The fundamental basis for the system of Ayurveda is the need to work in harmony with the laws of nature. What does this mean? It is obvious to the casual observer – and substantiated by quantum physics – that there are laws affecting all phenomena in the cosmos. Many of these, including the laws of thermodynamics and electromagnetism, are well known to even lay persons, and knowledge of them has given rise to all our marvels of modern technology. What has been lacking is their application to the optimal functioning of human physiology. We utilize these laws in developing our smart phones, but it is also important to apply them to our health. By doing so, we work in harmony with nature. Using Western medical treatments based on only partial understanding of nature’s laws can result in side effects that are often worse than the conditions these treatments were designed to alleviate.
Here is an example of what we mean by “nature’s laws.” There are daily cycles that are mirrored in our bodies’ functions. The hottest part of the day is usually when the sun is at its zenith, from 11:00 AM to 2:00 PM. Ayurveda tells us that this is when pitta – the energetic principle governing internal fire – is most lively. Interestingly, science confirms that this is when we produce the greatest digestive “fire,” with the highest activity of digestive enzymes. Billions of people worldwide live in accordance with this law and have their main meal at midday. Americans, however, tend to have most of their caloric intake at night, when production of digestive enzymes is lowest. This results in less availability of nutrients and greater buildup of undigested food and ama, a sticky, toxic substance resulting from incomplete digestion or environmental toxins.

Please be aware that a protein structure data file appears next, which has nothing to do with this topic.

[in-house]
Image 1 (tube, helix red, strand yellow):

Moreover, many people have experienced a feeling of fatigue at around 9:00 PM and found that if they push through it, they have a new wave of energy and wakefulness at around 10:00 PM. Why is this? From an Ayurvedic perspective, the 24 hours of the day are divided into different periods based on the cycles of nature. The hours from 10:00 PM to 2:00 AM coincide with the nighttime pitta period. The production of energy is a primary characteristic of pitta, hence there is more wakefulness at this time. However, at night, this energy is not meant to be used for our external activities but rather for the digestive and metabolic processes that enable us to self-repair and to restore vital bodily functions. Going to bed before 10:00 PM is a key to longevity.
The Ayurvedic system
Ayurveda is often correctly referred to as a total system of health in that it includes diet, digestion, routine, lifestyle, microbiome, body type, seasonal effects, supplements, and botanicals. This holistic approach touches on all aspects of life and draws from many areas of knowledge to produce the conditions for optimal health of the individual. In India, Ayurvedic experts are called vaidyas. From a Western perspective, they are analogous to physicians. However, their approach to diagnosis is more comprehensive than that of allopathic doctors. When approaching a patient, the first thing an Ayurvedic practitioner asks is: “Who is this individual?” This does not refer only to taking a health history, as in Western medicine, but also to determining their body type, or constitution. The initial focus is not on the health conditions that the patient has but rather on the question “Who am I treating?” Thus, the practitioner is better able to make specific and appropriate recommendations for the individual. No treatment is suggested until that question is answered.
This is accomplished through several diagnostic procedures. First, the patient’s physical characteristics, personality, and behavior are observed. This will include their body weight, movements, joint and blood vessel prominence, speech, and so forth. Then, the patient will likely be asked to fill out an Ayurvedic evaluation form that might address, but would not be limited to, their diet, digestion, elimination, medications, botanicals,nutritional supplements, sleep, exercise, and other lifestyle factors.